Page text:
It was a packed house at the landslide meeting last night at White Point Elementary School to hear the results of the geotechnical report by Shannon & Wilson. City Engineer Gary Lee Moore presented the findings and long-term options.
Cause of Landslide
Nothing was found to definitively cause the landslide but several factors may have contributed to the landslide: irrigation, long-term coastal bluff erosion, precipitation, residential development, road construction, and underground utilities. The one factor that was found to not have any impact on the landslide was the Nike missile facility.
Land Movement & Water Levels
There has been no significant (> 1/10″) land movement at the monitoring sites. Ground water levels have increased by 15′ on the west side of the landslide. On the east side near residences, the ground water level has actually decreased by 1′.
Immediate repairs will consist of grading the edge of the landslide to make it more stable. Dirt from the grading will be placed in the deepest crevices of the slide to even out the bottom. This will provide adequate surface drainage to convey water during the rainy season away from impacted areas.
A 170′ buffer zone around the slide will enable the construction of two U-turn areas. Earth anchors need to be placed into the slide area to prevent further movement. Additional monitoring wells and drains will be installed. These immediate repairs will cost approximately $5–8 million.
Six Long-Term Options
- Do not reconnect Paseo del Mar (less than $1 million)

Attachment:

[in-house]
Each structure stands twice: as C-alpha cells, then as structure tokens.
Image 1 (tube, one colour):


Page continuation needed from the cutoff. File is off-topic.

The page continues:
- Reroute the roadway through White Point Nature Preserve. Gates at each end of WPNP would close the road at night. ($4–8 million)
- Graded roadway. This slide got a good laugh at the meeting as the road looked like a skateboard half pipe. ($4–8 million)
- Return road to original level with retaining wall ($22–27 million)
- Return road to original level with no retaining wall ($42–50 million)
- Construct a bridge ($57–62 million)
Councilman Joe Buscaino fielded written questions from residents at the meeting. Here are a few of the questions and answers:
Q: Why was the report not released prior to the meeting so residents could ask more informed questions?
A: Changes were being made to the report over the weekend and the city attorney needed to be consulted first.
Q: Will the WPNP restrooms be connected to sewer lines prior to the Home Tour fundraiser in October?
A: This is being made a priority item. A link to the county lines would be cost prohibitive at $600,000 so other options are being considered.
Q: Will the Army Corps of Engineers be involved?
A: Congresswoman Janice Hahn has requested funding from the Army Corps on June 18th. The City Department of Engineers will be scheduling a meeting along with congressional offices.
Q: What affect will the slide have on the proposed Clearwater Project at Royal Palms and visa versa?
A: The City Department of Engineers is unfamiliar with that project.
Q: What will the decision process entail?
A: The process will be subject to some type of environmental review but maybe not an EIR. After the funding, construction usually takes three to four years.
Several requests were made by residents to work on traffic calming measures on Alma, Patton and Hamilton streets. Fire Station 101 Chief Terrazas said the narrowness of Hamilton is a problem. When another station covers for Station 101, they inform them of the alternate routes to Paseo del Mar. Residents also asked for increased police patrols on nights and weekends.
The full 800-page report can be accessed online at the City’s Dept. of Engineering website.
Councilman Buscaino’s video reports
ABC7 Video – includes interview Andrea Vona of the PVPLC (update)
Daily Breeze article
Random Lengths News article (update)
L.A. Times article (update)
KQED article (update)